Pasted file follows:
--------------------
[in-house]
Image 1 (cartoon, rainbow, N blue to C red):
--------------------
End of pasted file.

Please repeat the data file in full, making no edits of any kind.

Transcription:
[in-house]
Image 1 (cartoon, rainbow, N blue to C red):